The GAT represents the pinnacle of c-j preamp thinking, but it’s more than that. Over the last few years, the top preamp landscape has been largely redrawn, thanks to a crop of best-ever products. Ayre, Audio Research, Lyra and more have planted flags once more on this high ground. Now, conrad-johnson’s back in town!
SIDEBAR: Why Change?
If you follow top c-j preamplifiers closely, over the years, they’ve taken up less boxes and got steadily better. The Premier 7 of the late 1980s and Premier 7a of the early 1990s had separate boxes for each channel and a third power supply case. The ART (Anniversary Reference Triode) came along in 1998 to celebrate the company’s then impending 20th anniversary; this had a single preamp box and a separate power supply. Over the years, the ART went through a couple of significant revisions over the years, especially when the company’s original 250 models were expanded by a further 25 units in 2005’s ART3. Meanwhile the ACT preamplifier was launched in the early 2000s as the then-current, one-box limited edition flagship, followed in 2005 by the ACT2. Now, all of that’s gone… replaced by the GAT.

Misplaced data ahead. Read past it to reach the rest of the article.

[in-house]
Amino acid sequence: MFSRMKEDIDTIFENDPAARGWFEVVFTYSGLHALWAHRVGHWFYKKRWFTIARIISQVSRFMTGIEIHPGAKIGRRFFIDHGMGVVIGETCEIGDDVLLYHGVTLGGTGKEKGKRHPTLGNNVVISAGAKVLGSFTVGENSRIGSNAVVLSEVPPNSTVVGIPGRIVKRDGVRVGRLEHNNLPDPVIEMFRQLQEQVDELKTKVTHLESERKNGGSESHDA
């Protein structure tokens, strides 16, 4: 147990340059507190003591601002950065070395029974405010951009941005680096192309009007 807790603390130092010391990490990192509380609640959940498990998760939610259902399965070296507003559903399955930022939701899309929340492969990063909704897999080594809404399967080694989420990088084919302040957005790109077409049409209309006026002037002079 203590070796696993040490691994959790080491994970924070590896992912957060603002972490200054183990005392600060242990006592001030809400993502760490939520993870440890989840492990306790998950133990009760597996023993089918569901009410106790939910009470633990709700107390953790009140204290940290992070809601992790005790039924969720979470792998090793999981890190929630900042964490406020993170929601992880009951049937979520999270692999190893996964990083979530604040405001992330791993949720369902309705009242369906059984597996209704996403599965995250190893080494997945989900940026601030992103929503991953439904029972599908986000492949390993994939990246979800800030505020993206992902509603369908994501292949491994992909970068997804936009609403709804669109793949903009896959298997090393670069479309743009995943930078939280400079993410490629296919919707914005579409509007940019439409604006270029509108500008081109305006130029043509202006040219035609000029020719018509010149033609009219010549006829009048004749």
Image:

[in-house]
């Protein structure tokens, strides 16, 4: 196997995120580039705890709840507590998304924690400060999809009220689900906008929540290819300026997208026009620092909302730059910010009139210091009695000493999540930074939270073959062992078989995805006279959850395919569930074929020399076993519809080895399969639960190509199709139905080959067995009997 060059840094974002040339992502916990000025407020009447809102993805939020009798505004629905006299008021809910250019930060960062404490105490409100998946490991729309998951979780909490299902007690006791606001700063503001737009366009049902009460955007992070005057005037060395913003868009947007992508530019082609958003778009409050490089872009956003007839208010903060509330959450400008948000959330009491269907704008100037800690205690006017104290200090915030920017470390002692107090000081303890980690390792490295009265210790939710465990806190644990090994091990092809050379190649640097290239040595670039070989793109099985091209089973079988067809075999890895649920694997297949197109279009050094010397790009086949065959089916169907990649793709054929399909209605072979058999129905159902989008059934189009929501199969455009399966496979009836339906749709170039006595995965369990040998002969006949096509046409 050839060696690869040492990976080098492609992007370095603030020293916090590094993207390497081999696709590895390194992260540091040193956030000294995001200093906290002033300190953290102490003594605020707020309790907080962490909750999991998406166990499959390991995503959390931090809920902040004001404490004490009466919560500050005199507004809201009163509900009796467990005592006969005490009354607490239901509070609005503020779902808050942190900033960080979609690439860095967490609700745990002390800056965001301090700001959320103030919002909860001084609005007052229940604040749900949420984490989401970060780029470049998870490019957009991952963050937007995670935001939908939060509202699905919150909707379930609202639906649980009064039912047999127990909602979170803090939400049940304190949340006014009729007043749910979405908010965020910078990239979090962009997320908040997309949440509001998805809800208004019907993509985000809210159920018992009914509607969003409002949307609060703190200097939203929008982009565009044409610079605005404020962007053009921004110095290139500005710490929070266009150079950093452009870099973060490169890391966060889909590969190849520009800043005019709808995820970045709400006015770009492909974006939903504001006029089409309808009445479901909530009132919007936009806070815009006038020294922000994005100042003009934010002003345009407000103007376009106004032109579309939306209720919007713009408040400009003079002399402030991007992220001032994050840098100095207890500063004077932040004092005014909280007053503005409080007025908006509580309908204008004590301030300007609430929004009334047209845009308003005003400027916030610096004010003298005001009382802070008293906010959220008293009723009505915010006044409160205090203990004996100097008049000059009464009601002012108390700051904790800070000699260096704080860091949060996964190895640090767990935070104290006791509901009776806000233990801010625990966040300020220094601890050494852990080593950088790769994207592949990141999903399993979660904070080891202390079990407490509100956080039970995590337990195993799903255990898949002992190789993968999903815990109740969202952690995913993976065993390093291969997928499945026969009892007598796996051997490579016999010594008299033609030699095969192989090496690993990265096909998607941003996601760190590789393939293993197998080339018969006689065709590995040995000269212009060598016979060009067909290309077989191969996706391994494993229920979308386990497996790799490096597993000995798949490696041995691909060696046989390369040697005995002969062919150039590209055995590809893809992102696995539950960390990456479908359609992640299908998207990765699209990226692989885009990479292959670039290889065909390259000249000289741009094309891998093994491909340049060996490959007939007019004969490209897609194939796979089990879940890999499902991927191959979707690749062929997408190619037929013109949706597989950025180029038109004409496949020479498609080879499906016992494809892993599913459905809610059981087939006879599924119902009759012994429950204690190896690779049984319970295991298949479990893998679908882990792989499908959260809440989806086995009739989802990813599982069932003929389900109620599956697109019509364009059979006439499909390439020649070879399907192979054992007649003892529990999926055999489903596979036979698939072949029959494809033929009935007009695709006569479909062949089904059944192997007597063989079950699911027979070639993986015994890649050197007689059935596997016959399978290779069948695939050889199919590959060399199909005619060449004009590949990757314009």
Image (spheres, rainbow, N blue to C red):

While it’s wonderful for a manufacturer, a retailer and a magazine to have a constant stream of new and exciting products to attract the attention of our respective clients, should a reference point has such a short time at the top before being eclipsed? If the GAT is reaching a new clientele, this isn’t a problem, but I can’t help thinking some of those prospective GAT owners will be considering an upgrade from an ACT2 bought just a few years ago. In fairness, I think most people would rather see the standard being raised by ever-better products whenever they appear than held back because of last year’s line-up, but too regular a series of upgrades can be a source of understandable frustration for those seeking the best of the best. And the problem is the GAT really is the best of the best.